Ontario’s universities play a vital role as anchors in communities throughout the province. Whether it’s providing accommodations for frontline workers, developing much-needed products and equipment, or supporting families, our institutions recognize the importance of working together to protect the health and well-being of Ontarians.
McMaster University researchers are racing to create a home-based COVID-19 testing kit, which could potentially be ready to move forward for approvals and manufacturing within months.The COVID-19 self-diagnosis kit would be configured to detect the genetic material of the virus but would work in a manner similar to a home pregnancy test, generating a result on a test strip within 20 minutes.
In Niagara a local company is making an international impact in combatting COVID-19 with kits to help test for the virus. With the help of Brock University’s Machine Shop, Norgen Biotek – founded by a Brock professor – has been able to multiply its manufacturing capacity, building kits as quickly as possible.
With a shortage of hand sanitizer across the country, the University of Guelph is supplying Guelph-based Dixon’s Distilled Spirits with enough glycerol and peroxide to make at least 2,000 litres of hand sanitizer. The product has been donated to health-care workers and essential services, including medical clinics, the fire department, the local OPP dispatch and more.
Facing a global pandemic, as well as school and child-care closures across the province, parents and caregivers are undoubtedly feeling the stress. Lakehead University has launched free courses that provide expert advice on parenting, learning at home and managing anxiety, as well as, free live and on-demand webinars.
To support people who may have been assessed for COVID-19 and/or are in self-isolation, the Health Design Studio at OCAD University has created a self-management and self-isolation hand-out, each in a variety of languages. The easy-to-understand tools are based on current guidelines, and are editable for hospitals and clinics to adapt to changing local needs.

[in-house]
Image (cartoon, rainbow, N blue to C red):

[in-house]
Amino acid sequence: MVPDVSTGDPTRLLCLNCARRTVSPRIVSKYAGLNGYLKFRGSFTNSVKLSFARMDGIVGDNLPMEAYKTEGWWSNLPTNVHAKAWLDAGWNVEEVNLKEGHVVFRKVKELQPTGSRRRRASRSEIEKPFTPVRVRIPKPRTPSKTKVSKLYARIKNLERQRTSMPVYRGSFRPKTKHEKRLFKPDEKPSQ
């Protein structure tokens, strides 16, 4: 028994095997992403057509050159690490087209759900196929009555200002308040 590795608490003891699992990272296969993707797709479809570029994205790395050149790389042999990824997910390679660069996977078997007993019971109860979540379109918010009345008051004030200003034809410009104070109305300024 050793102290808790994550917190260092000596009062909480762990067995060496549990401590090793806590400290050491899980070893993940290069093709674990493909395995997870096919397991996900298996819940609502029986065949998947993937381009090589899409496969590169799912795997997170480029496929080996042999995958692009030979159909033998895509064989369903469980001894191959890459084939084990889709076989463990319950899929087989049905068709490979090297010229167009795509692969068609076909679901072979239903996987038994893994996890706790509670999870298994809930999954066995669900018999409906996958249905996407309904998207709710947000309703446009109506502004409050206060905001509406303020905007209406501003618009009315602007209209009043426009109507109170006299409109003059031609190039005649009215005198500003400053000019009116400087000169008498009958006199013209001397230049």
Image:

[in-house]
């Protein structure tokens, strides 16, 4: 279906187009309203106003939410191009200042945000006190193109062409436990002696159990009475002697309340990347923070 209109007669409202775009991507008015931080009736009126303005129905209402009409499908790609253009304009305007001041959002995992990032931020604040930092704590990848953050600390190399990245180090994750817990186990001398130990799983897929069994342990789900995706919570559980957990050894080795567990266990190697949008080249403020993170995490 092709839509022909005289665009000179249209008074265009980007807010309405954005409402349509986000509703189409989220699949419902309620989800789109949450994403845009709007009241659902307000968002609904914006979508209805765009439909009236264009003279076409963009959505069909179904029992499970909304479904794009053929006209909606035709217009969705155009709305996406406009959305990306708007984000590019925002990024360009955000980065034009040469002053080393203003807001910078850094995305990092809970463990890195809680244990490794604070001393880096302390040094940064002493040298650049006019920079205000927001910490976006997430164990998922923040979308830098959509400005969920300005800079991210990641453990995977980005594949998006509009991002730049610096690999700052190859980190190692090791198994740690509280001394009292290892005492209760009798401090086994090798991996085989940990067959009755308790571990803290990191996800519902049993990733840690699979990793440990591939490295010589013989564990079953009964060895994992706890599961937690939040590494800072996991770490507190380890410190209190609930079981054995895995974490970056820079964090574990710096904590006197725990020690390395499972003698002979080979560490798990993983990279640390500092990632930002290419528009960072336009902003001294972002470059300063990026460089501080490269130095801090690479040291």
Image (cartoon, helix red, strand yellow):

To help provide health-care workers with the personal protective equipment they desperately need, the Creative Technology Lab at Ryerson University has partnered with Toronto General Hospital to design and prototype face shields and masks for health-care workers. The lab has the capacity to develop 75 3-D-printed headpieces, 350 casted headpieces and 425 laser-cut plastic shields per day.
As health-care professionals work around the clock to care and support patients diagnosed with COVID-19, Trent University is providing temporary housing for those who choose to self-isolate from their families during the pandemic. The Gzowski College residence will temporarily provide up to 100 rooms for health-care workers from the Peterborough Regional Health Centre.
By rapidly building much-needed equipment for frontline health-care workers, a start-up created at York University, Droplet Lab, is contributing to the fight against COVID-19. The lab designed a face shield that can be made in less than five minutes without the need for a specialized tool and at a significantly low cost.